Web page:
• Number - Text entry and the variable will be declared as a type of 'int'.  Should be used for any number and can be limited by the Values section of the User Input management screen
  • Enum - a hard coded list of values that will be user selectable via a drop down.  This is list is defined in the Values section of the User Input management screen.
  • Query - a SQL statement that is executed in real time against the WFA cache Database.  This can be either simple or very complex SQL statements as is used by the WFA Architect to help control user inputs while providing some dynamic capabilities.  As Kevin stated, these types of User Inputs can be cascaded where a lower User Input is defined based on a previously selected/entered value of an earlier User Input.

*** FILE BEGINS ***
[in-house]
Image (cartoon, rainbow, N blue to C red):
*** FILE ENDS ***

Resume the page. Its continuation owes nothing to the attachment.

I hope that this helps further explain the difference between these two approaches.  If you consider Filters/Finders as used during the planning phase of Preview and Execution and User Inputs as used prior to the planning phase, then it might help as you define/design your workflows.  Filters/Finders help to limit the number of required User Inputs while maintaining a level of control of the selection criteria.  In regards to the last portion of your post,  don't forget to use the Preview button if you want to see what WFA is planning to use based on your Filters/Finders.

Jeremy Goodrum, NetApp

The Pirate

Twitter: @virtpirate